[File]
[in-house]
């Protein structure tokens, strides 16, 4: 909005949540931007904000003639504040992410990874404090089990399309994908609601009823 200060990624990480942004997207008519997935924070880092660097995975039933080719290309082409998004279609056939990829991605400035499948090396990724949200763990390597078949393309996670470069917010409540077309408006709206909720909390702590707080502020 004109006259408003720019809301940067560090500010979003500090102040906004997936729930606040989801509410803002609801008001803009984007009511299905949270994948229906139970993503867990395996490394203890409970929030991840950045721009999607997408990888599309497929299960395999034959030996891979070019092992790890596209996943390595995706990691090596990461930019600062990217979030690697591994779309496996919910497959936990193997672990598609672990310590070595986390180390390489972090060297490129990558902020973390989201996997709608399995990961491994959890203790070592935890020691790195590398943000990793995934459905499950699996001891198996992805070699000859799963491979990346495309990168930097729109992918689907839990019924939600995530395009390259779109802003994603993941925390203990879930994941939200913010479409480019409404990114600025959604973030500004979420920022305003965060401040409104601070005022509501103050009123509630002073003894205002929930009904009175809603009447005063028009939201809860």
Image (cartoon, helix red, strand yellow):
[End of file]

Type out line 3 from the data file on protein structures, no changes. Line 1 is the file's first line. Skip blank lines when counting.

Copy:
Image (cartoon, helix red, strand yellow):